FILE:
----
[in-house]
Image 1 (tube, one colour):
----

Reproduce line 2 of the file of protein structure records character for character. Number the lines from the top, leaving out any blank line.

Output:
Image 1 (tube, one colour):